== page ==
Page last updated at 15:47 GMT, Tuesday, 15 September 2009 16:47 UK

Finding the best size for school

By Kate Merriam
BBC News social affairs analyst

Brislington corridor
Brislington Enterprise College has five "learning communities"

Picture a space station, where self-contained ships plug into a bigger vehicle. The station contains facilities the ships could not hold themselves.

This is the idea behind "schools within schools". Several schools on the same site, sharing facilities but each run as a separate unit.

In its report of the first "schools within schools" projects, a UK charity concludes that these schools report fewer exclusions, a drop in bullying and fights, greater parental involvement, increased staff satisfaction and better relationships between students.

The Calouste Gulbenkian Foundation found pupils reported feeling more supported and secure.

As with health and social care, personalisation is key.
Andrew Barnett
UK director, Calouste Gulbenkian Foundation

By this analysis, they sound like a good idea - but what makes this different from straightforward smaller class sizes?

Brislington Enterprise College in Bristol has just completed a total re-build of its main school buildings, using money from the government's Building Schools for the Future project.

The school received funding from the Calouste Gulbenkian Foundation and other education charities in order to follow the "schools within schools" layout.

The 1,800-pupil school is now remodelled into five separate "learning communities" of 300 children each. There are also two communities of 20 pupils, for students with physical disabilities and learning difficulties.

Each pupil is assigned to a tutor group of about 10 pupils.

Dance, sports, art, music, dining and IT facilities are shared between all of the 1,800 pupils.

The Gulbenkian research quotes teachers that say they are able to get to know pupils better and have more opportunities for one-to-one conversations. They also report that contact with parents is easier and more frequent.

Big schools

Just over half (54.9%) of all secondary schools in England now have more than 900 pupils. There are 202 secondary schools with more than 1,600 pupils.

There are only four secondary schools in England with 100 or fewer pupils.

Brislington Enterprise College (Photo: Skanska Construction)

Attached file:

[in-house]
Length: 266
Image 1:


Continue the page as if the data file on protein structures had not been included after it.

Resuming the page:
Brislington Enterprise College has five "learning communities"

One of the UK's largest schools, the Nottingham Academy, opened on 7 September 2009. There are 2,200 pupils aged three to 19.

Research carried out for the Local Government Association has shown that the optimum size for a secondary school is about 900 pupils.

Several local authorities follow this advice on school sizes. For example, Hampshire County Council says: "It is unlikely to be appropriate to consider solutions which lead to the provision of a new school which does not have the potential to cater for at least 900 students."

Common criticisms of small schools include the possibility that they give children less opportunity for diverse learning and a narrower range of subjects to study.

Earlier this month a study by the Association of Colleges (AoC) found that smaller sixth forms were likely to have poorer exam results. The AoC said this was due to a lack of specialist teaching.

According to the AoC, sixth form colleges with 50 or fewer pupils average 561 points per candidate, which is the equivalent of two C-grade passes and an E. Meanwhile, those schools with more than 250 pupils scored 802 points on average, which is nearly three A grades per pupil.

Small schools

Small schools are also more expensive. State schools receive a per-pupil payment for their budget and schools with too few pupils to get by on this funding are given an additional small schools allowance.

According to Sheffield's local authority, small schools are at greater risk of falling pupil numbers, which can quickly cause budget problems and risk the future of the school as a whole.

But the "schools within schools" movement says that education is about more than exam results and value for money.

The Calouste Gulbenkian Foundation believes that diverse, cost-effective schools do not have to mean that school is impersonal for children, and that creating mini-schools within a larger school building can help to find a balance that "puts relationships at their heart".

Andrew Barnett, director of the foundation's UK branch, expresses it in a manner intended to chime with wider government policy.

"As with health and social care, personalisation is key," he says.



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